Ed F wrote:
The geometry of the house system used (provided is has a concept of mundane position) will be the determining factor.

Ed


I believe this too.
In order to say that a planet is in the middle of a house as mentioned by Varuna, we should say which house we are talking about.

margherita
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Mark
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Posted: Sun Apr 01, 2012 5:53 pm    Post subject: Reply with quote

Ed F wrote:
Quote:
Perhaps your statement is true if one only considers mundane aspects in the context of the ascension times of signs.


Yes I am not aware there is any evidence of any other method but ascensions in ancient and medieval astrology. Of course supporters of Placidus houses usually point out that their semi-arcs can be used to derive mundane positions of planets. Due to the similarity to Ptolemy's system of primary directions its often argued he might have advocated this approach to aspects but the evidence seems scant to support this. As I understand it Placido De Tito was the first to propose Ptolemy's proportional semi-arcs as a system to calculate mundane aspects while Maginus proposed aspects in right ascension.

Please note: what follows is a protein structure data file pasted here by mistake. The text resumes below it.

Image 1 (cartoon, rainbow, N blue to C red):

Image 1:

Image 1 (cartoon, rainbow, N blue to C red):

A previous thread picked this issue up and Martin Gansten's comments are very informative.

http://www.skyscript.co.uk/forums/viewtopic.php?p=30107&highlight=&sid=a9c5a26ec7c74e80a12f02a4a8b6b577

Ed F wrote:
Quote:
But mundane aspects can be determined by degree with no reference whatsoever to ecliptic coordinates.


I concede my comment was misleading since late renaissance and modern astrologers have developed other methods of calculating mundane aspects that are non-zodiacal and indeed non-ecliptical.

Still irrespective of house system used there appears to be only three methods of calculating mundane aspects:

a) ascensional rising times
b) proportional semi-arcs
c) positions by right ascension

Are there others?

Ed F wrote:
Quote:
The geometry of the house system used (provided is has a concept of mundane position) will be the determining factor.


So what house systems are we actually referring to?

I assume you mean time based house systems utilising semi-arcs such as Placidus, Alcabitius and Koch?

Mark
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margherita



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Posted: Sun Apr 01, 2012 6:49 pm    Post subject: Reply with quote

Mark wrote:
Of course supporters of Placidus houses usually point out that their semi-arcs can be used to derive mundane positions of planets. Due to the similarity to Ptolemy's system of primary directions its often argued he might have advocated this approach to aspects but the evidence seems scant to support this.